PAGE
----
In InSite Selling™ (our sales system designed for multifamily operators), we teach that there are four levels of communication. One of the biggest differences between successful sales interactions and those that are not is the ability for the leasing associate to connect at a deeper level faster.
On the surface, communication is really just a cliché. Think of the typical greetings we give when we see someone. We’re likely to say something like, “Hi, how are you today?” The response comes with no thought whatsoever. The reply is typically “fine,” whether that’s true or not.
Just below clichés lay facts. While facts are a bit more meaningful than clichés, it’s still not an impactful level of communication. Instead of answering “fine,” at the facts level we may respond with something purely factual like, “I just finished a big project, so things are good these days.”
The reason that clichés and facts are not particularly effective for communication is that they take place at the intellectual rather than the emotional level. Brené Brown, an author and researcher on the topic of human emotions and vulnerability (check out her TED talk – it’s great) advises:
We are not thinking people who sometimes feel. We are feeling people who occasionally think.
In sales, it’s important to remember that people do not make purchasing decisions logically; rather they make them emotionally and then justify their decisions with logic. If you want your leasing team to truly influence a resident’s apartment choice, they must be able to connect at deeper emotional levels of communication.
The challenge here is that, especially when encountering salespeople, humans keep their guard up and don’t make it easy to connect at the emotional level. When you add to that the stressful nature of finding a new home, it is up to your leasing associates to step up and find meaningful ways to connect within the first few minutes of meeting a prospect.
Here are three tips to doing this successfully:
Ask a resonating question early in the process
Imagine you’re searching for an apartment. You walk into the community and meet the leasing associate. What do you expect will happen next? Small talk and boring questions. It’s funny (okay, not really funny), but when we observe leasing associates at work and review the training materials that are being used to prepare them, they virtually lead them to the very situations we are trying to avoid.
Skip the standard greetings and boring questions. You can learn about their kids and job later. If your goal is to get to the powerful communication level as quickly as possible, you must ask them questions that get them thinking early.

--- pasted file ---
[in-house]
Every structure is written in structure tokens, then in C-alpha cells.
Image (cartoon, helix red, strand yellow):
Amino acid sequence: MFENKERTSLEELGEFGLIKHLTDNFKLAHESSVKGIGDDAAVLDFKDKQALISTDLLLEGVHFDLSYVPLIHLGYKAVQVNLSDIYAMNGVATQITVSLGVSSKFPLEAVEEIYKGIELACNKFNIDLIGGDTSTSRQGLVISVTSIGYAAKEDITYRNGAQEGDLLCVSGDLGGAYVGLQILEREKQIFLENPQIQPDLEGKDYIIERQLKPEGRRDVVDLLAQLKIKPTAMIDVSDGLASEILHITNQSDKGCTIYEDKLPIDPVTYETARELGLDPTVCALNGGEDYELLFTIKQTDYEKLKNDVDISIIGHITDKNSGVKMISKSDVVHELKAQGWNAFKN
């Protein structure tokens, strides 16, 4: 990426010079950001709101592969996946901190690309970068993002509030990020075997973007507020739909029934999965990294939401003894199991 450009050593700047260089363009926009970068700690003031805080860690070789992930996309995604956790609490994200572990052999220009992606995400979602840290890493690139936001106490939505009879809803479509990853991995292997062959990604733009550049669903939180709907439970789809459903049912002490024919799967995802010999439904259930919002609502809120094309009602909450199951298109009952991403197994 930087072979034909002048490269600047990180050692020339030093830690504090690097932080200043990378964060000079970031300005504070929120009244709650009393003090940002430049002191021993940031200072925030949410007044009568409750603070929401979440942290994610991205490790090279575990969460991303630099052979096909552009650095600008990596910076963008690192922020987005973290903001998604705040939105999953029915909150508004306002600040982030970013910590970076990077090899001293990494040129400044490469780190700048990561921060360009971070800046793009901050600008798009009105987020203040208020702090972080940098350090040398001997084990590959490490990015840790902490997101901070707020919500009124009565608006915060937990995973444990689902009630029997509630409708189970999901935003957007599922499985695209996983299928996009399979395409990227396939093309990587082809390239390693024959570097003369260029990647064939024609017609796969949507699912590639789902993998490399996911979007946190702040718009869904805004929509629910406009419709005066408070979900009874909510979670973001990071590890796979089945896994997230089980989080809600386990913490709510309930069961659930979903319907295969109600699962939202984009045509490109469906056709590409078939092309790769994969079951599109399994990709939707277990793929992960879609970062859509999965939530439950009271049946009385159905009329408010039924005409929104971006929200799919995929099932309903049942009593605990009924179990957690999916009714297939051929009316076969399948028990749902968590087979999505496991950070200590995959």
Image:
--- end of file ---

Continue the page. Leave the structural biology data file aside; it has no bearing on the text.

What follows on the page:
After greeting them and “breaking the ice,” ask them something like “What do you already know about the neighborhood?” This question virtually forces them to slow their brains down, consider everything they’ve learned to date and begin a genuine conversation.
Try moving around when asking questions
We all have a tendency to sit down or be still while asking discovery questions. When people are stationary, they are using less of their brains. But when they’re moving around, more of their brain is being used and they’re more likely to be involved. One of my favorite sales sayings is, you need motion for emotion.
Another benefit of moving around while you conduct your inquiry is that it’s not the typical experience the prospect will have with others. Creating a different type of environment makes it more likely that you’ll peel the onion and get to the aspects that really matter.
Be totally authentic
In our training, we often use the analogy of hitting a baseball to relate to successful selling. When you break down hitting, you learn that there are three crucial points in a hitter’s swing that are key for success. So long as the hitter gets to those three points at the right time they will be successful. How they get there is up to them. As such, there are as many styles and approaches as there are hitters (though you’ll see that all successful hitters have those three points in common).
Too often salespeople are forced to play to a script. They lose their personality and genuineness. If you’re trying to connect at a deeper level and you’re not being genuine, well, good luck.
Let your personality show. Be a little different (so long as it’s natural). Have fun and you’ll see your prospects willingly connect, listen and be influenced by you.